What is Diamond Fluorescence?
The term “fluorescence” describes the property of a diamond to give off a soft colored glow when it is exposed to UV light, like a black light. Usually, blue is the visible color emitted by a diamond when it is put under the UV light source, while white and yellow colors are also emitted to a lesser degree. Not all diamonds fluoresce but some of them do to a certain grade depending upon the effect UV light has on the stone. The effect or the glow stays as long as it is exposed to the light source.
The impact fluorescence has on a diamond’s value is a subject of ongoing discussions. Sometime ago, it was the craze among diamond buyers since many of them thought it enhanced the color appearance of a diamond; particularly, if it had a yellowish hue in its body color.
Prior to the introduction of grading reports, there was a common penchant for diamonds with fluorescence, and it used to sell at a premium rate as opposed to non-fluorescing diamonds. Back then, blue-white diamonds, which were marketed as substitutes for the fancy blue diamonds, were in higher demand than the non-fluorescing ones.
When the Federal Trade Commission prohibited the use of the term “blue-white” and grading reports began to include fluorescence ratings, the perceptions of people started changing. Buyers wanted to avoid diamonds that had anything extra so to speak, be it fluorescence, color, or inclusions, and this began to have an effect on its value.
How Does the Diamond Fluorescence Affect Its Value?
In the gems and jewelry market, diamonds having fluorescence are sold at up to 15 percent discount. Yet since it can actually help to enhance the color appearances, diamonds with near-colorless grade such as G to J may sell at a little higher prices in case they have favorable fluoresce properties.
Nowadays, diamond buyers tend to take a biased view of its fluorescence. Whatever positive effect it has on a diamond seems to be of little importance as their perception is to stay away from those with it. In a market-driven world, this led to relatively lower prices. However, fluorescence is something that you can learn to benefit from on many counts.
For instance, when you lose a diamond with fluorescence, one of the obvious methods to find it is to make use of the black light to good effect. Several diamonds give off the colored luminescence when they are placed under the said type of light only. Usually, this is not visible, but when you put it under the light in a dark room, the effect will stand out. A diamond with strong blue fluorescence, for example, emanates a blue glow when it is exposed to the light, which makes it easier to pick out from the surrounding.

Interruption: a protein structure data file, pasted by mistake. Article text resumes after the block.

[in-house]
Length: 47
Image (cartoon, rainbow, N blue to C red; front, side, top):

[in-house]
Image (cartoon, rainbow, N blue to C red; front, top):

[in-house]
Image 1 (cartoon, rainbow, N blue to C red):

A Perception That Can Work for and against the Fluorescence
Sometimes, fluorescence can make a diamond look “waxy” or “foggy”, as people refer to it. Some people do not want the hazy-looking diamond that loses some of the fire, which is the colored sparkle produced by a diamond when it is exposed to natural light. However, only a small percent diamonds traded in the market are hazy. So, an argument in favor of it can be made here – why would anybody want to avoid a gorgeous diamond just because of such a minor possibility?
On the contrary, sometimes it can even enhance the color and fire of a diamond by improving it in the face-up view. If you wear a diamond ring on your hand, that is how it would be set and how you would be viewing it. Therefore, if you were not buying a loose diamond, getting a stone with fluorescence can actually work in your favor and enhance the overall appeal of your ring.
Fluorescence has no noticeable effect on the quality of the diamond. So, the answer to is diamond fluorescence good or bad is a yes and a relative no. Each diamond is distinct, and reacts distinctly when exposed to UV light. Apparently, it cannot be defined that fluorescence is always good or always bad.
Perceptions about Fluorescence from the Industry
Historically, trade names are given to certain types of diamonds based upon from the mine they come from. The name “Premier” refers to light yellow diamonds with blue fluorescence properties. The term is used since they often originate from the Premier Mine in South Africa. On the other hand, the name “Jager” describes colorless diamonds with blue fluorescence since they are excavated commonly from Jagersfontein Mine in South Africa.
Further, the industry experts say that other factors can also influence the color appearance of the diamond more strongly than its tendency to fluoresce, like how it has been cut, whether it is viewed in artificial or natural light, and even the diamond ring or jewelry you wear.